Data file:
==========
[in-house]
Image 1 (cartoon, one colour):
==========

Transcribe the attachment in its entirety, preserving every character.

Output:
[in-house]
Image 1 (cartoon, one colour):